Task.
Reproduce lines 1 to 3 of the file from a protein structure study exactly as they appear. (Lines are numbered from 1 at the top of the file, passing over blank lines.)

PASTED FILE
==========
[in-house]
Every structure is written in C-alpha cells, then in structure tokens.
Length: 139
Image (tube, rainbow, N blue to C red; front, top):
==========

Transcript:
[in-house]
Every structure is written in C-alpha cells, then in structure tokens.
Length: 139